c. The division is mitotic division and this kind of cell division occurs in all the cells of the body except for the reproductive cells.


d. The stage before anaphase is metaphase.


Solution E.4

Solution E.5

The exchange of chromatids between homologous chromosomes is called crossing-over. This is the process by which the two chromosomes of a homologous pair exchange equal segments with each other.

Crossing over occurs in the first division of meiosis. At that stage each chromosome has replicated into two strands called sister chromatids. The two homologous chromosomes of a pair synapse, or come together. While the chromosomes are synapsed, breaks occur at corresponding points in two of the non-sister chromatids, i.e., in one chromatid of each chromosome.

Since the chromosomes are homologous, breaks at corresponding points mean that the segments that are broken off contain corresponding genes, i.e., alleles. The broken sections are then exchanged between the chromosomes to form complete new units, and each new recombined chromosome of the pair can go to a different daughter sex cell. It results in recombination of genes found on the same chromosome, called linked genes that would otherwise always be transmitted together.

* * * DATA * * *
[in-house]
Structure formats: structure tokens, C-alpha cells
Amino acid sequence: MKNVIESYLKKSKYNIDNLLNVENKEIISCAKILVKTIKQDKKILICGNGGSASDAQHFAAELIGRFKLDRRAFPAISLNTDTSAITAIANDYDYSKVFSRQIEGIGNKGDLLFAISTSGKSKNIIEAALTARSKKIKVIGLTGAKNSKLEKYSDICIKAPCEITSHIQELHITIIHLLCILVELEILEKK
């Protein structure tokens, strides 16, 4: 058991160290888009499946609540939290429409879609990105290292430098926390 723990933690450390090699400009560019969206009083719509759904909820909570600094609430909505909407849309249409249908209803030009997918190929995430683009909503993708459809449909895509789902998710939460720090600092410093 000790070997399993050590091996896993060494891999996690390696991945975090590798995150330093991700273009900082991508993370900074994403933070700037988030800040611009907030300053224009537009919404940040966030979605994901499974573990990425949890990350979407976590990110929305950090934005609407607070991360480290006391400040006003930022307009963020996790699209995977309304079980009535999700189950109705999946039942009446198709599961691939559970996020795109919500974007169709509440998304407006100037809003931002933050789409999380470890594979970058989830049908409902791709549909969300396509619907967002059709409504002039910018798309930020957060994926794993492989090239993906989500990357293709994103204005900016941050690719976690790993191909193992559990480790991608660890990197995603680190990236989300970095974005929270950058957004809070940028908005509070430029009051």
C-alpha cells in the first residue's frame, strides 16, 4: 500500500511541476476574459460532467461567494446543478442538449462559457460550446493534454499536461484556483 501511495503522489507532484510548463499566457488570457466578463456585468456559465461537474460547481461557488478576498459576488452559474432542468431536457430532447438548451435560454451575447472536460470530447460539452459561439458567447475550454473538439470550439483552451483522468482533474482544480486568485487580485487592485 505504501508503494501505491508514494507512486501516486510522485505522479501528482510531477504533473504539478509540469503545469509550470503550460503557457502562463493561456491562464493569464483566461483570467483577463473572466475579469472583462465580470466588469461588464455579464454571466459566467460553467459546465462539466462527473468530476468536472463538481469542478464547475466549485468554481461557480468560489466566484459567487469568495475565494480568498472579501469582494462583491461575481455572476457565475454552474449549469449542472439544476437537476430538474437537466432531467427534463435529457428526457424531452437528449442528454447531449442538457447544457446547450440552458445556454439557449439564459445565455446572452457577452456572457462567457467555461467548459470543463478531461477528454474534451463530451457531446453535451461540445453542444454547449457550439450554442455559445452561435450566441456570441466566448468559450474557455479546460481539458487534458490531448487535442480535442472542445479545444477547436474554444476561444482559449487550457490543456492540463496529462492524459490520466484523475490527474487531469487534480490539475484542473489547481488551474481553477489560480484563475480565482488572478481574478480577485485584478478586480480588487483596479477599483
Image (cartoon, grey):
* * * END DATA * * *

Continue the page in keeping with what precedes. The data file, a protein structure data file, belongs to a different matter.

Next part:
Solution E.6

(a) Late prophase. Because the nuclear membrane and nucleolus have disappeared.

(b) Centrioles.

(c) 1 - Centromere

2 - Chromatids.

3 - Spindle fibre.

(d) Metaphase. The centromeres of chromosomes are drawn to the equator by equal pull of two chromosomal spindle fibres that connects each centromere to the opposite poles, forming a metaphasic plate.




(i) Two daughter cells are produced.

(i) Four daughter cells are produced.

(ii) It is equational division i.e. the number of chromosome in the daughter cells or parent cells remains the same.

(ii) It is reductional division i.e. the number of chromosomes is reduced to half in the daughter cells.

Solution E.7

(a) Metaphase.

(b) 4.

(c) A - Animal

B - Animal

C - Plant

Solution E.8

(a) This is an animal cell because:

(i) The outline is circular (in plants it would be angular {rectangular or polygonal}) and cell wall is absent.

(ii) Centrosomes on centrioles are present. (These are found only in animal cells)

(b) Mitosis.

(c) B, C, D, A.

(d) Interphase.


Solution E.9

(a) It is a plant cell because centrioles are not shown in the diagram.

(b) Prophase

(c) Metaphase. Chromosomes arrange themselves on the metaphase or equatorial plate.

(d) Difference between mitosis and meiosis based on the chromosome number in daughter cells: 



Chromosome number remains the same as that of parent cells.

Daughter cells receive only half the number of chromosomes from parent cells.


(e) Duplicated chromosome: